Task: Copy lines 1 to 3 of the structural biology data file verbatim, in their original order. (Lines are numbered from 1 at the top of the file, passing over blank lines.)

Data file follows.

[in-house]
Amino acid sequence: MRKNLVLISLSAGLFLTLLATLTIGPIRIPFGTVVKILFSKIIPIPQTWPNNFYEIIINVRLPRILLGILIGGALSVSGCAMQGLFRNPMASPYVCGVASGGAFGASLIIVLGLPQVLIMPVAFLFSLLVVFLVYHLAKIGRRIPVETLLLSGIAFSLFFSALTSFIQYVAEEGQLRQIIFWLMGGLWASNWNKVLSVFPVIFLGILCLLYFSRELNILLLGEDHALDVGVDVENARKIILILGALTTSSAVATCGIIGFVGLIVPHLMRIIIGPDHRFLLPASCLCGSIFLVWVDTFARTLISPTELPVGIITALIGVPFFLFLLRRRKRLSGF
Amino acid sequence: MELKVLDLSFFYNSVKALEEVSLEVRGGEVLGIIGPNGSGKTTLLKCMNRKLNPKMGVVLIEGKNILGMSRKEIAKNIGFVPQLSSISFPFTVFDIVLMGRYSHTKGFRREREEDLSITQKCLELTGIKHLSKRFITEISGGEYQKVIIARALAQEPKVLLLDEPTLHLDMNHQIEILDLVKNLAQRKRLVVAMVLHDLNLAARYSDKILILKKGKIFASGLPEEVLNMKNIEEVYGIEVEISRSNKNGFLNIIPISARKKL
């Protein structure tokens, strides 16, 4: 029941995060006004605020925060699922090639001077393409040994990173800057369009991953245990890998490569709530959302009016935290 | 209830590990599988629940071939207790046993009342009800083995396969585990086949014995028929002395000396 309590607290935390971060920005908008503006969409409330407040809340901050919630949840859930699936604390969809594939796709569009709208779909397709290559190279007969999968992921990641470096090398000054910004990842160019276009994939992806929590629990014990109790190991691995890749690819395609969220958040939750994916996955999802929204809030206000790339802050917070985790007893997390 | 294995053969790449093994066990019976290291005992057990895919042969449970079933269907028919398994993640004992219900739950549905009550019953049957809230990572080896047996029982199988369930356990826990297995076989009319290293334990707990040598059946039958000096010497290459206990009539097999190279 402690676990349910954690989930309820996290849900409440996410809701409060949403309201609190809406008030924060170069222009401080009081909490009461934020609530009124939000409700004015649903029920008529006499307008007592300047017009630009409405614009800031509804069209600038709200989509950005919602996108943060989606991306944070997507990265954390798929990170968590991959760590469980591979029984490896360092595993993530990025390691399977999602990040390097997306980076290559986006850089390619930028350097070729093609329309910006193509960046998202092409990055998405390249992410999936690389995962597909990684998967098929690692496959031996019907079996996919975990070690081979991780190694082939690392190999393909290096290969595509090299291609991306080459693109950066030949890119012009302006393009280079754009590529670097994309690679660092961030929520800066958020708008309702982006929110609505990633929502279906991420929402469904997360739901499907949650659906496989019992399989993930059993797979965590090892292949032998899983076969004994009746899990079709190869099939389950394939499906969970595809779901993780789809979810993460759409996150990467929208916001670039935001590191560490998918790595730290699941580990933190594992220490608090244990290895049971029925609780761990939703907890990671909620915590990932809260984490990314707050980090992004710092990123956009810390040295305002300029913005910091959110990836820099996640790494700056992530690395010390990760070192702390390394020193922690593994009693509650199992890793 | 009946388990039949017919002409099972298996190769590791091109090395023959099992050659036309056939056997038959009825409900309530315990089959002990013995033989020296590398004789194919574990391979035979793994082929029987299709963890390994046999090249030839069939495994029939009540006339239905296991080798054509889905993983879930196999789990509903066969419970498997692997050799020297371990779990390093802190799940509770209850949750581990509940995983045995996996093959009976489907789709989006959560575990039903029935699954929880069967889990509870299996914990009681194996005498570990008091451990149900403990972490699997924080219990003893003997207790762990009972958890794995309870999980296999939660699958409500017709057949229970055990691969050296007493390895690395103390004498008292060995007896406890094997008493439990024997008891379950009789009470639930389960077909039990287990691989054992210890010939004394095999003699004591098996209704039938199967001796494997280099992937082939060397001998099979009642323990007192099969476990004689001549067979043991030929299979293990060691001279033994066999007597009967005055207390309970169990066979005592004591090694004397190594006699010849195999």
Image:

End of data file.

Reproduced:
[in-house]
Amino acid sequence: MRKNLVLISLSAGLFLTLLATLTIGPIRIPFGTVVKILFSKIIPIPQTWPNNFYEIIINVRLPRILLGILIGGALSVSGCAMQGLFRNPMASPYVCGVASGGAFGASLIIVLGLPQVLIMPVAFLFSLLVVFLVYHLAKIGRRIPVETLLLSGIAFSLFFSALTSFIQYVAEEGQLRQIIFWLMGGLWASNWNKVLSVFPVIFLGILCLLYFSRELNILLLGEDHALDVGVDVENARKIILILGALTTSSAVATCGIIGFVGLIVPHLMRIIIGPDHRFLLPASCLCGSIFLVWVDTFARTLISPTELPVGIITALIGVPFFLFLLRRRKRLSGF
Amino acid sequence: MELKVLDLSFFYNSVKALEEVSLEVRGGEVLGIIGPNGSGKTTLLKCMNRKLNPKMGVVLIEGKNILGMSRKEIAKNIGFVPQLSSISFPFTVFDIVLMGRYSHTKGFRREREEDLSITQKCLELTGIKHLSKRFITEISGGEYQKVIIARALAQEPKVLLLDEPTLHLDMNHQIEILDLVKNLAQRKRLVVAMVLHDLNLAARYSDKILILKKGKIFASGLPEEVLNMKNIEEVYGIEVEISRSNKNGFLNIIPISARKKL